A melancholic wistfulness seems to wrap itself around every bar and each note of this trio date by the Ukrainian talents pianist Andrew Pokaz, bassist Vitaliy Fesenko and drummer Yakov Taruntsov. The three virtuosi forming the Pokaz Trio dig deep into the repertoire of Eastern European melodies and rhythms to create seven original pieces that make up the gripping ride that is Kintsugi. The group's sensitivity towards dynamics, and tactful handling of shuffling rhythms in exchange with subtle melodies gives an exciting picture of where jazz is at in the Ukraineand it doesn't disappoint but much rather impresses.
Between calm hands conducting fragile melodies on piano to gentle percussive work on drums alternating with explosive crash segments, Pokaz and his compatriots keep a careful eye and an ear on each other, in order to choose the perfect moment to add to the composition. The pieces are harmonically through-composed and constructed around either melodic motifs or prominent drum patterns. Opener "Slavonic Dance" is defined by one long crescendo that picks up some energy and sees the trio conjuring a storm before quieting down for the title cut of the record, to which the expressive piano work almost sounds painfulin a good way. The bass work is lively, though slightly drowned in the mix.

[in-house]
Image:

In much-needed contrast to the more emotionally heavy takes of the record, tracks such as "Elephant" or "Spark" introduce a more playful side to the musicmainly emanating from the modern drum work by Taruntsov. The former title keeps up a stubborn bass hit on the one and a reverb intense snare hit on the two right throughout, guiding pentatonic runs on the piano while the latter tune develops into a drum'n'bass groove that envelopes harmonies that are un-strange to any current sample of pop music.
There's much to discover and admire on Kintsugi, especially in terms of originality and melodic satisfaction. The final piece (excluding the piano reprise of "Kintsugi") alone shows just how many exciting musical ideas Pokaz has and how well he is able to structure them into a sound that seems familiar yet fresh and modern all the same.
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